The COVID-19 pandemic has given nature a bit of a respite from frantic human activities, but it has also hammered the global economy. In other words, good news has come with plenty of bad news.
Environmentalists and sustainability experts worldwide have been urging governments to take advantage of the current economic disruption by changing the way business is done to make global economic practices far more nature friendly and sustainable.
Such changes aren’t happening, however, or at least not on a large enough scale. Worse: some nations such as the United States, Brazil and Australia are even relaxing existing environmental laws in the interest of fast economic recovery.
Recently over 60 heads of state who addressed a United Nations-hosted virtual summit pledged to support efforts to tackle the global biodiversity crisis, which could see untold numbers of plant and animal species go extinct within a few decades. Yet these pledges seem to have been mere words, says Pamela McElwee, an associate professor at the Department of Human Ecology in the School of Environmental and Biological Sciences at Rutgers University-New Brunswick.
“[W]hen we look at what countries are doing, either in their prior budget and policies or especially in their post-COVID planning and recovery packages, very few governments are putting their money where their mouths are,” McElwee said.
“We still see huge amounts of financial support for harmful practices, such as subsidizing overfishing or fossil fuel production or building infrastructure that will harm ecological integrity,” the scientist added. “Only a small number of countries are addressing the biodiversity crisis in the serious manner it deserves.”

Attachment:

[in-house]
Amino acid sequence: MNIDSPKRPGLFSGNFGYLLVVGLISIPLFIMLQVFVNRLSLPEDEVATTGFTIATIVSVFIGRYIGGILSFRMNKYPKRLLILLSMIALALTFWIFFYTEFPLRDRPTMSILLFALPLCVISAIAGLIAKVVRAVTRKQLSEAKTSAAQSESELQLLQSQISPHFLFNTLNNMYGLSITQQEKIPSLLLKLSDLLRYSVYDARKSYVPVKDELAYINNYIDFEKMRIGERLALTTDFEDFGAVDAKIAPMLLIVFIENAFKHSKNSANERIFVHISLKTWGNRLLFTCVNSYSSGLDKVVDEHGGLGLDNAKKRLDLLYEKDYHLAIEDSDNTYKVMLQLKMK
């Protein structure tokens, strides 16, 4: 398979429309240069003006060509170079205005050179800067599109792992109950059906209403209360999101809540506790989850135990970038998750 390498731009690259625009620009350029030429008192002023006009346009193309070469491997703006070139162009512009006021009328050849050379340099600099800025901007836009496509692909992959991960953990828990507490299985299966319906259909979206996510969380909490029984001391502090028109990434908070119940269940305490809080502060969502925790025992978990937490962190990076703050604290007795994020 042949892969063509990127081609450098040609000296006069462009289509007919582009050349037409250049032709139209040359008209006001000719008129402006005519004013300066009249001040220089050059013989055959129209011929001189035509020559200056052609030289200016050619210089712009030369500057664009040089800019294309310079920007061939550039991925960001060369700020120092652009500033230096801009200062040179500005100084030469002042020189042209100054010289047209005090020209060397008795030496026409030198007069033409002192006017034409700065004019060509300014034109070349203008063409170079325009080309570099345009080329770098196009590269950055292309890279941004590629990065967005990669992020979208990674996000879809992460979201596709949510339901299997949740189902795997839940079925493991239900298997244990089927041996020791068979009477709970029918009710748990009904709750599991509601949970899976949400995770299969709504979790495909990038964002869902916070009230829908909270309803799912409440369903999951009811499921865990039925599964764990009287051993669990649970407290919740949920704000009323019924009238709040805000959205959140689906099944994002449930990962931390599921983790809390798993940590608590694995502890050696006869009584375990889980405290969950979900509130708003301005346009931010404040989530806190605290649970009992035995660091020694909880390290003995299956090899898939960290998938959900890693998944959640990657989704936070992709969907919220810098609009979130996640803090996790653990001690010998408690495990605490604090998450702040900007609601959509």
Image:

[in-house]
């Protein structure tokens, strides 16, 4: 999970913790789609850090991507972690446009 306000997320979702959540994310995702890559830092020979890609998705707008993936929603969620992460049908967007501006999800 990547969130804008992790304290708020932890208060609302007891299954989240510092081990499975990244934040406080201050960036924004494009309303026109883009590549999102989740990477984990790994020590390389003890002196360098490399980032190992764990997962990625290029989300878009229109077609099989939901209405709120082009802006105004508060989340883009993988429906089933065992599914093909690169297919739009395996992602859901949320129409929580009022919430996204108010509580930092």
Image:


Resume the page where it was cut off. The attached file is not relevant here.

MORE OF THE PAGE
McElwee is the lead author of a new study that explores the changes that will be required in global economic systems to transition from harmful activities toward ones that support ecosystem resilience. Authored by a team of economists, anthropologists and environmental scientists from three continents, the paper examines financial incentives, regulations, fiscal polices and employment programs regarding their potentials in this respect.
Specifically, governments should factor into recovery plans measures that prioritize sustainable and ecofriendly practices, including those that provide immediate employment benefits and can lead to longer-term transformations in the global economy.
“Examples include shifting from harmful fossil fuel subsidies to beneficial ones, including those that encourage environmentally friendly farming; carbon taxes that could support forest protection programs; and work programs that focus on ecological restoration and green infrastructure,” the authors note.
And it won’t be enough to simply embrace low-carbon alternatives in energy generation. Economic recovery plans should also focus on better biodiversity protection to preserve fragile ecosystems from further harm, the scientists stress.
“Discussions of nature-related actions have largely focused on closing wildlife markets as a potential source of novel viruses, expanding protected natural areas or reducing tropical deforestation. While these can be important, they do not necessarily address the root causes of ecological disruptions,” they note.
The European Union is investing more heavily in biodiversity conservation in their recovery plans, yet several prominent nations, including the United States and China, have set aside practically no stimulus funding for biodiversity protection. New Zealand, India and other countries are somewhere in between by planning to invest more heavily in job creation in ecological restoration, but only at modest levels.
“Governments are falling short of their stated promises and they need to do more — immediately,” McElwee stressed.
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